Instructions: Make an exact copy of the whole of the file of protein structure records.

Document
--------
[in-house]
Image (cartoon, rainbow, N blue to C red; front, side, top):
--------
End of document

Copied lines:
[in-house]
Image (cartoon, rainbow, N blue to C red; front, side, top):